May 13, 2011

Should the Constitution be Amended to Address the Federal Deficit?

Testimony before the House Committee on the Judiciary, Subcommittee on the Constitution
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Good Morning Chairman Franks, Ranking Member Nadler, and members of the subcommittee. Thank you for inviting me here this morning to discuss whether the U.S. Constitution should be amended to address the nation’s fiscal problems.

I am an associate professor of political science at the University of Rochester and a senior scholar at the Mercatus Center at George Mason University.1 My research focuses on legislative politics and fiscal policy. I have written papers and a book on the subject of budget rules, and I have been following the debate over our nation’s future fiscal course with great interest.2 In my testimony, I will show why attempts to create long-term fiscal reform, stabilize the debt, and reduce the deficit are likely to fail in the absence of Constitutional budget rules.

The United States faces severe fiscal challenges that can no longer be ignored. Our current $14 trillion national debt is just the tip of the iceberg. Entitlement spending threatens to bankrupt the nation. The unfunded liabilities from Social Security and Medicare are three to seven times the size of our current debt, depending on how one calculates these figures.3

Any solution to this crisis must accomplish three things: First, Social Security and Medicare expenses have to be stabilized and future promises have to be limited. Second, discretionary spending has to be pared down. Third, future politicians must be prevented from undoing any reforms that are implemented. The focus of my testimony today will be the third of these requirements.

The recent bipartisan attention to the challenges we face is heartening. The dangers of our debt and deficit levels are no longer the province of commissions whose reports gather dust. Instead, we have elected officials taking a stand and proposing bold changes to the status quo. The President’s National Commission on Fiscal Responsibility and Reform proposed a serious plan, and legislators from both parties endorsed it. House Budget Committee Chairman Paul Ryan proposed an ambitious plan to control federal spending, and President Barack Obama responded to Chairman Ryan’s plan with one of his own. Voters are also paying attention. In a poll conducted by Pew Research Center and The Washington Post in April 2011, an astonishing 95% of respondents agreed that the federal budget deficit was a problem, and 81% agreed that action was needed now.4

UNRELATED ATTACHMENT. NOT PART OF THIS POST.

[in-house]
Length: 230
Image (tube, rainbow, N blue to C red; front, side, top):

This, in short, is a rare opportunity for meaningful long-term change. I believe that a Constitutional amendment can help us avoid making this a wasted opportunity. In my testimony, I will first establish that opportunities for long-term fiscal reforms rarely emerge. I will then show why long-term reforms are unlikely to be robust without Constitutional change. The next part of my testimony will focus on why it is important to get the rules right and offer some principles that I hope members will follow as they work toward achieving fiscal discipline. I will close my testimony by rebutting arguments against a Constitutional amendment.


  1. The views expressed here are my own and do not represent the official positions of the University of Rochester or the Mercatus Center at George Mason University
  2. See, for example, Primo, David M. 2007. Rules and Restraint: Government Spending and the Design of Institutions. American Politics and Political Economy Series. Chicago, IL: University of Chicago Press. Some passages and ideas in this testimony appear in Primo, David M. 2010. “Making Budget Rules Work.” Working Paper No. 10-62, Mercatus Center at George Mason University, available at
  3. Board of Trustees of the Federal Old-Age and Survivors Insurance and Federal Disability Insurance Trust Funds. 2009. Annual Report. Washington, DC: Government Printing Office; Boards of Trustees of the Federal Hospital Insurance and Federal Supplementary Medical Insurance Trust Funds. 2009. Annual Report. Washington, DC: Government Printing Office. The Medicare Trustees set unfunded obligations for Part B and D at 0 because they are guaranteed funding from general revenues. However, the portion of Part B and D that comes out of general revenues can reasonably be construed as an unfunded liability, since specific revenues are not allocated for this spending (as opposed to Social Security, for which there is a dedicated fund); if these costs are accounted for, unfunded liabilities exceed $100 trillion dollars.
  4. See